Oscillation in muscle tissue
When a muscle grows or a muscle injury heals, some stem cells develop into new muscle cells. A research team at the MDC led by Carmen Birchmeier has now described in the journal Genes & Development how this process is regulated by two proteins produced in an oscillatory manner.
Muscle stem cells have to be ready to spring into action at any time: When a muscle becomes injured, for example, during a sports activity, it is their responsibility to develop new muscle cells as quickly as possible. When a muscle grows, because its owner is still growing too or has started to do more sports, the conversion of stem cells is also required.
"At the same time, however, there needs to be a mechanism in the body that prevents an uncontrolled differentiation of stem cells—because otherwise the supply of these cells in the muscles would be quickly depleted," says Professor Carmen Birchmeier, head of the research group on Developmental Biology/Signal Transduction at the Max Delbrück Center for Molecular Medicine in the Helmholtz Association (MDC).
Oscillation was previously only known to occur in brain stem cells
Birchmeier teamed up with colleagues from Berlin, Cologne, London, Paris, and Kyoto on mouse experiments that examined how this mechanism works. The group of researchers has now reported in the journal Genes & Development that the MyoD and Hes1 proteins regulate the differentiation of muscle cells. They are produced in the stem cells in an oscillatory manner—i.e., there are periodic fluctuations in the number of cells produced.
"This observation, first of all, was astonishing in itself," says Birchmeier, "because no one before us had detected the oscillation of proteins in muscle." Such a phenomenon was previously only observed in stem cells of the brain. The MDC researcher hopes her studies will one day lead to better treatments of muscular dystrophies and of sarcopenia, a syndrome characterized by the progressive loss of muscle mass with advancing age.
Production runs at full tilt every two to three hours
"In our experiments, we started off by connecting the Hes1 and MyoD to proteins to luminescent—i.e., light-emitting—proteins so that we could better track their development," explains Dr. Ines Lahmann, the study's lead author and a member of Birchmeier's research group. The team was then able to observe—in isolated cells, in muscle tissue, and in living animals—that the Hes1 protein, which is part of the Notch signaling pathway, is produced in an oscillatory manner.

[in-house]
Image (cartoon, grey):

"Production reaches its peak every two to three hours and then declines again," reports Lahmann, adding that they encountered the same phenomenon in the MyoD protein. "As long as the quantity of MyoD in the stem cells fluctuates periodically, the cells grow and divide, thus renewing themselves," says Lahmann. This, according to her, ensures there is always a sufficient supply of stem cells in the muscle.
Stable protein production is crucial for differentiation
When a muscle stem cell starts to differentiate and develop into a muscle cell, one result is the formation of long muscle fibers. This occurs, for example, when a muscle grows in a young organism or when it tries to repair itself after an injury. "Every time we observed this conversion of cells under the microscope, we had previously noticed that the oscillation had stopped and MyoD was expressed stably—regardless of whether we were looking at newborn or adult animals," reports Birchmeier.
Her team then proceeded to turn the gene for Hes1 completely off, so that the protein is no longer produced in the stem cells. The researchers also conducted this experiment on both cells and living animals. "The lack of Hes1 led to MyoD no longer being produced in an oscillatory manner, but rather in a stable pattern. All stem cells began to differentiate as a result," says Birchmeier.
The goal is new therapies for muscular disorder patients
"Our experiments show that when it comes to stem cell differentiation and probably many other cellular processes, genes are not simply turned on or off—and that we are still a long way from understanding all the developments that occur when we use genetic tricks to do exactly that," Birchmeier stressed.
She and her team next want to study why the oscillation of MyoD leads to stem cell differentiation not taking place in the muscles, and why a stable production of the protein is needed to trigger this process. "Once we gain a better understanding of the whole process," says the researcher, "we will be able to better help people with muscular disorders whose natural capacity for muscle regeneration has been impaired."